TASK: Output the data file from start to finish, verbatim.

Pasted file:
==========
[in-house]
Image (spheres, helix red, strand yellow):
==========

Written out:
[in-house]
Image (spheres, helix red, strand yellow):